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Don't be seduced by the methods Systemgc and SystemrunFinalization They may increase the odds of finalizers getting executed, but they don't guarantee it The only methods that claim to guarantee finalization are SystemrunFinalizersOnExit and its evil twin, RuntimerunFinalizersOnExit These methods are fatally flawed and have been deprecated In case you are not yet convinced that finalizers should be avoided, here's another tidbit worth considering: If an uncaught exception is thrown during finalization, the exception is ignored, and finalization of that object terminates [JLS, 126] Uncaught exceptions can leave objects in a corrupt state If another thread attempts to use such a corrupted object, arbitrary nondeterministic behavior may result Normally, an uncaught exception will terminate the thread and print a stack trace, but not if it occurs in a finalizer it won't even print a warning So what should you do instead of writing a finalizer for a class whose objects encapsulate resources that require termination, such as files or threads Just provide an explicit termination method, and require clients of the class to invoke this method on each instance when it is no longer needed One detail worth mentioning is that the instance must keep track of whether it has been terminated: The explicit termination method must record in a private field that the object is no longer valid, and other methods must check this field and throw an IllegalStateException if they are called after the object has been terminated A typical example of an explicit termination method is the close method on InputStream and OutputStream Another example is the cancel method on javautilTimer, which performs the necessary state change to cause the thread associated with a Timer instance to terminate itself gently Examples from javaawt include Graphicsdispose and Windowdispose These methods are often overlooked, with predictably dire performance consequences A related method is Imageflush, which deallocates all the resources associated with an Image instance but leaves it in a state where it can still be used, reallocating the resources if necessary Explicit termination methods are often used in combination with the try-finally construct to ensure prompt termination Invoking the explicit termination method inside the finally clause ensures that it will get executed even if an exception is thrown while the object is being used:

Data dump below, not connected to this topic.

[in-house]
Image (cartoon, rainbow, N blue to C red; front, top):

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// try-finally block guarantees execution of termination method Foo foo = new Foo(); try { // Do what must be done with foo } finally { footerminate(); // Explicit termination method }
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So what, if anything, are finalizers good for There are two legitimate uses One is to act as a safety net in case the owner of an object forgets to call the explicit termination method that you provided per the advice in the previous paragraph While there's no guarantee that the finalizer will get invoked promptly, it's better to free the critical resource late than never, in those (hopefully rare) cases when the client fails to hold up its end of the bargain by calling the explicit termination method The three classes mentioned as examples of the explicit